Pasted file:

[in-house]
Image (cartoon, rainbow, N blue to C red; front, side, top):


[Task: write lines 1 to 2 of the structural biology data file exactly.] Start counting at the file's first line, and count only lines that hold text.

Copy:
[in-house]
Image (cartoon, rainbow, N blue to C red; front, side, top):